IMF Opens Up About Nigeria’s Economy, Makes Damning Prediction
Nigeria’s economy will probably contract this year as energy shortages and the delayed budget weigh on output, according to the International Monetary Fund.
“I think there is a high likelihood that the year 2016 as a whole will be a contractionary year,” Gene Leon, the fund’s resident representative in Nigeria, said in an interview in the capital, Abuja, on July 8.
While the economy should look better in second half of the year, growth will probably not “be sufficiently fast, sufficiently rapid to be able to negate the outcome of” the first and second quarters,” he said.
The IMF had initially cut its 2016 growth forecast for Nigeria to 2.3 percent in its April Regional Economic Outlook from 3.2 percent projected in February.
The World Bank on the other hand lowered its forecast to 0.8 percent last month, citing weakness from oil-output disruptions and low prices.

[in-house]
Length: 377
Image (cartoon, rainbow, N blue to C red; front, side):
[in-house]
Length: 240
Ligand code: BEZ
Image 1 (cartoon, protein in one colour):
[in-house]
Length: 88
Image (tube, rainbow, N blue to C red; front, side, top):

Leon said “most people would agree that if you should fix one thing in this country, it should be power. There is a need to start changing the power equation from 2016, from today, not tomorrow or later.”
If growth falls to zero percent “then that’s a huge gap the country has to fill,” Leon said. If expenditure stays as planned, and revenue is less due to the lack of growth “then we should see not smaller but potentially a larger deficit.” He said.
The central bank’s Monetary Policy Committee “may be open to tolerating a little more inflation if growth emerges as the priority, as opposed to choking inflation and squeezing the little life out of growth.”
“But the central bank, in conjunction with the MPC, needs to be clear to participants in markets what exactly their priority is,” Leon added.